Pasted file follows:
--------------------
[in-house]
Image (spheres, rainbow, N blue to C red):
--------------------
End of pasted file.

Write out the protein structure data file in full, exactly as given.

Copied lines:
[in-house]
Image (spheres, rainbow, N blue to C red):